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  • E-64d Two in vitro reports using lung


    Two in vitro reports using lung fibroblasts have shown that cell transmigration, using transwell migration experiments, through collagen I-coated inserts is mediated by DDR2 and the DDR2-associated signaling kinases JAK2 and ERK1/2, but not DDR1 [63] and that DDR2 regulates the adhesion of fibroblasts to 3D collagen matrices [64]. DDR1 has also been shown to be expressed in bronchial epithelium [3]. In vitro knockdown of DDR1 slows bronchial epithelial repair by 50%, which was associated with a reduction in levels of MMP-7. DDR1 knockdown also reduces human bronchial epithelial cell proliferation, but has no significant effects E-64d on adhesion to type I collagen or other matrix substrates [65]. More recently, upregulated DDR1 expression was observed in single cell sequencing of bronchial epithelial E-64d of idiopathic pulmonary fibrosis (IPF) patients by Tao et al. [57] and DDR1 inhibition using CQ-061 (a small-molecule DDR1 inhibitor of undisclosed selectivity) was shown to have antifibrotic and anti-inflammation effects in BLM-induced IPF murine models.
    DDR1 role in liver Little is known about the expression and role of DDR1 in liver. Expression of DDR1 in liver is lower than in brain, kidney, lung or even heart [47]. In normal liver, in situ hybridization and immunofluorescence detects DDR1 mRNA and protein expression in epithelial cells, hepatocytes at the portal-parenchymal interface, the luminal part of biliary epithelium, and bile duct epithelial cells [66]. Increased DDR1 expression has been reported in hepatocytes and bile duct epithelial cells of cirrhotic liver [66]. In contrast, hepatic stellate cells (fibroblasts localized in the Disse space of the liver) or portal fibroblasts in normal liver, or myofibroblasts (activated hepatic stellate cells or activated portal fibroblasts) in cirrhotic liver do not express DDR1. Overexpression of DDR1a, one of the five DDR1 isoforms generated by alternative splicing, alters hepatocyte behavior including increased adhesion and reduced migration on ECM substrates. In addition, DDR1a regulates extracellular expression of MMP-1 and -2 [66]. However, even if pro-fibrotic and pro-inflammatory roles for DDR1 are true, the biological significance of increased DDR1 expression in liver fibrosis is largely unknown [16]. The same group later demonstrated that loss of DDR2 promotes chronic liver fibrosis after CCl4 injury through altered paracrine interactions between hepatic stellate cells and Kupffer cells (liver-associated macrophages) [67].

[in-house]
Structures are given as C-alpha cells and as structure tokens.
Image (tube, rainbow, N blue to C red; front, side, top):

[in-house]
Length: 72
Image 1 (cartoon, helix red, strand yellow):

DDR1 in stromal reaction in cancer Though not the topic of this review, we briefly wanted to mention the role of DDR1 in cancer and specifically in the stromal reaction (i.e., new matrix formation occurring in the presence of cancer resulting from activation of resident stromal cells). Stromal reaction shares characteristic biologic and pathophysiologic traits with organ fibrosis and wound healing processes [68]. In the cancer setting, DDR1 has been shown to be uniquely expressed by normal and tumoral epithelial cells [18,69] with high levels of DDR1 observed in fast growing invasive mammary, ovarian, and lung tumors [18]. Interestingly, in cholangiocarcinoma, DDR1 is expressed in proliferating tumoral epithelial cells but not in myofibroblasts present in the surrounding stromal reaction [69]. Some studies have demonstrated that DDR1 overexpression increased tumorigenesis and was correlated with a bad prognosis [18]. More recently, Takai et al., suggest that the absence of DDR1 provides a growth and adhesion advantage that favors the expansion of basal cells, potentiates fibrosis, and enhances necrosis/hypoxia and basal differentiation of transformed cells to increase their aggression and metastatic potential [70]. At the same time, a recent study also established a causal relationship between stromal DDR1 expression and cancer progression, underlining the role of stromal DDR1 in breast tumor growth [71]. Thus, the actions of DDR1 in cancer are complex, either promoting or suppressing tumor cell behavior and definitively, additional studies are necessary to carefully assess the role of DDR1 in stromal reaction in cancer.